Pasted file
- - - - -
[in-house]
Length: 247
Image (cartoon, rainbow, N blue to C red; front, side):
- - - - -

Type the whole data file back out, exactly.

[in-house]
Length: 247
Image (cartoon, rainbow, N blue to C red; front, side):